I can’t believe it. I have already mowed the lawn thrice (always wanted to say that) and it’s going to be ready for a trim again before the weekend.
Honestly, I love mowing the lawn. I like the satisfaction of a trim front yard and always enjoy making designs with the mower. Unfortunately, I can never seem to get the Red Sox logo to come out right. Those guys are professionals.
Today, I’d like to ponder a bit about what you can be doing now (though some of you got a touch of snow last week) to ensure your lawn is in tip-top shape for the summer.
I’d be remiss if I didn’t toss this comment out there. I’m really not that big a fan of expansive lawns. Honestly, I think it is one of the more short-sighted (dumb?) things we do as Americans (humans?).
We spend all this time and effort creating a lovely, manicured lawn around our homes, only to then be forced to waste precious water (and time) caring for it. All for the purpose of generating something that came out of some silly magazine trying to sell us fertilizer. Consider hardscaping or generally eliminating lots and lots of your lawn and replace it with other more intelligent (easier to care for) plants. If you’re really feeling enlightened, plant a garden, silly!
Moving on from my little soap-box, the reality is many of you simply love the look of a lawn and want to ensure that yours is the greenest and lushest on the block. The first thing you should do this spring is rake.
I worked for a landscaping company down in Portsmouth for a couple of years and Mike, the owner, taught me countless lessons. One of them was to imagine you just woke up from a six-month nap and you were wearing a wet towel on your head the whole time.
You can imagine how amazing it would feel to have a course brush run through your hair and massaging your scalp. Treat your lawn to the same spa experience. Just don’t be too rough — it just woke up.
Since I don’t really care too much about how our lawn looks, I’m not all that concerned about dandelions and other weeds. I think they’re kind of pretty and read once that bees like them as well. If you aren’t aware of the critical importance of bees, do a little Googling.
If you want to rid yourself of these weeds, make sure you get the whole plant. I saw a neighbor using a hammer (no, really) to cut into the soil behind the dandelion and then push it forward (as though he were pulling a nail) to extract the roots and all. It is effective, albeit a little caveman-like. Of course, there are harsh chemicals that you can use as well, but just be careful. There are countless articles about the dangers of those toxic materials, for other plants, animals and you.
I was never exposed to aerating until I worked at the Owl’s Nest over in Thornton. They aerate at least once a year and if it’s good enough for a golf course, it is going to be good for your lawn as well. By poking small holes in the soil, it allows air, water and nutrients to reach down to the roots of the lawn more easily. This promotes healthier growth and a stronger plant.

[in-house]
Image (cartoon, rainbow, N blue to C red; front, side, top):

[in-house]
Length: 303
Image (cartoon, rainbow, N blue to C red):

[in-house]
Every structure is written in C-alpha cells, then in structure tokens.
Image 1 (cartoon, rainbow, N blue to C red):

“Aerating also spreads bits of soil around the lawn allowing those nutrients to find new homes,” Badger Realty agent Tara Peirce said. “Those bits are spread out and worked into the rest of the lawn within a couple mowings and showers.”
Speaking of the golf course, I was the irrigation “tech” when I was there. This meant ridiculously early mornings as well as countless hours of digging holes and repairing broken water lines across all 18 holes.
Watering your lawn can be a little tricky. Most of the articles out there tell you to water “deeply,” less frequently. This promotes stronger and deeper roots. The reason for the early morning watering is to minimize the evaporation during the heat of the day.
I also notice that whenever we get a good, solid rain followed by a bright, sunshiny day, my lawn seems to explode. Of course, in the early season at the golf course, we watered in the morning to melt the frozen dew on the greens.
The last thing you can do to spruce up your lawn is repair those dead or bare patches. Since I’m not excited about a faster growing lawn, I have only used this “seeding repair” technique once and it was last summer.
A friend of a friend purchased the bag, otherwise it would never have happened. I’m honestly amazed at how thick the lawn has come in after a full year and with literally no special care (or knowledge) by yours truly.
I spread out the seed mixture on the troubled area and watered the snot out of it for about three weeks. This year, somewhat comically, it is the greenest and thickest patch of the whole lawn. It honestly looks a little silly. But I can tell you, it works.
Use your “global” head when it comes to lawn care. Eliminate what you can and focus on a more sustainable yard (especially if you don’t have kids). If you still have a hankering for a lawn (or you’re selling and don’t have the budget or time to hardscape) some of the tips above might get you to that green oasis you’re after. Happy mowing.